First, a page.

Śrī Rūpa Goswami defines bhāva, part II

We now take up the qualifiers in the definition of bhāva. The svarūpa lakṣaṇam of bhāva is:

śuddha-sattva-viśeṣātmā [asau bhāva ucyate]

Śrī Jīva Goswami explains that śuddha-sattva-viśeṣa = śuddha-sattva + śuddha-sattva-viśeṣa.

The word śuddha-sattva refers to a state (vṛtti) of Bhagavān’s svarūpa śakti called samvit. This samvit is self-luminous (sva-prakāśikā). It is not some special state of māyā (na tu māyā-vṛtti-viśeṣa).

Commentators like Madhusudana Sarasvati equate śuddha-sattva with sattva-udreka; Madhusudana Sarasvati does this in his famous book Bhagavad-bhakti-rasāyana. The word udreka means excess. sattva-udreka means excess of sattva. What Madhusudana Sarasvati means by sattva-udreka is a predominance of prakṛti’s sattva guṇa; predominance because sattva is never pure, being always present with rajas and tamas. Under predominance of material sattva, the heart (citta) melts like wax and takes shape (vṛtti) of the person one is in love with. That is, one’s heart is soft toward that person and wishes to please him or her. This is material love, a product of material nature.

But this meaning is not what Śrī Rūpa and Śrī Jīva have in mind. The śuddha-sattva here is not a quality of the heart or citta.  It is not a state of mind when sattva is predominant, because such a state is a māyā-vṛtti. For Śrī Rūpa Goswami, śuddha-sattva is a vṛtti of Bhagavān’s very own svarūpa śakti. This śakti is self-luminous unlike the states of the mind which require the infusion of the ātmā’s consciousness to function, and are therefore not self-revealing. Because this bhāva is Bhagavān’s own svarūpa śakti, it can never become dormant. It is independently self-luminous and it is eternally that way.

If one is skeptical about these concepts, Śrī Jīva Goswami suggests reading Bhagavat Sandarbha and Vaisṇava tosaṇi where they are discussed in more depth.

In the Alankāra Kaustubha, Kavi Karṇapura accepts that śuddha-sattva means an absence of rajas and tamas (rajas tamobhyām hinasya) and in this way he rejects its meaning as ‘an excess of material sattva’. But following Mammata-bhatta’s Kāvya-prakaśa, he considers it a state of the heart (citta). Visvanatha Cakravarti disagrees, and clarifies that sthāyi bhāva is cid-rupam; it is transcendental.

Now we turn to śuddha-sattva-viśeṣa. Śrī Jīva Goswami cites a famous verse from the Visṇu purāṇa:

hlādinī sandhinī samvit tvayy ekā sarva-saṁśraye

hlāda-tāpa-karī miśrā tvayi no guṇa-varjite

The energy of bliss (hlādinī), the energy of being (sandhinī), and the energy of awareness (samvit) exist without any deviation only in You, the support of everything. You are completely free from the material guṇas and thus the energies that give rise to material happiness, distress, and a mixture of both, are non-existent in You.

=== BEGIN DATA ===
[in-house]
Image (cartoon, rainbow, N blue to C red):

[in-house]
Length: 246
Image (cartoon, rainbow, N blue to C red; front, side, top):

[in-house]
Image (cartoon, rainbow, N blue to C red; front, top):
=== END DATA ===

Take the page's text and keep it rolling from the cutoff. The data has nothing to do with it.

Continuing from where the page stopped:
Śrī Jīva Goswami explains that the word viśeṣa refers to the essence of hlādinī which exists in hladini energy (tadiya sāra vṛtti samveta). The essence of hlādinī śakti is the very special (viśeṣa) part of śuddha-sattva.


śuddha-sattva-viśeṣātmā = samvit + essence of hlādinī śakti

Therefore bhakti has two potencies: it gives pleasure to Kṛṣṇa and to the devotees (hlādinī śakti) and it gives knowledge to Kṛṣṇa and his devotees (samvit).

When one has bhāva bhakti, one is naturally in this state of happiness and one is situated in knowledge of oneself and of Kṛṣṇa. Conversely, one who does not have bhāva is in ignorance and suffering.

Śrī Jīva Goswami adds, that being Kṛṣṇa’s internal energy, this bhāva is situated only in Kṛṣṇa’s eternal, dear associates (nitya priya jana), and its nature is that it is nitya siddha- eternally existing. It is not manufactured, but it is existing in the heart of His dear devotees.

Śrī Jīva Goswami further adds, that when this sthāyi bhāva comes to a particular devotee in the material world, it appropriates the citta of that devotee (ātma-sātkṛtya), that is, it becomes one with the citta (tādātmyāpanna). It is as if the devotee’s body becomes possessed by this energy. Such a heart loses the ability to think of material pleasures, and it is naturally inclined toward Kṛṣṇa (ānukulya lakṣaṇā), and no effort is needed. Therefore sādhanā bhakti, conscious effort, comes to an end. This sthāyi bhāva is the goal of sādhanā bhakti.

In the next article, we will look at the remaining qualifiers of bhāva.

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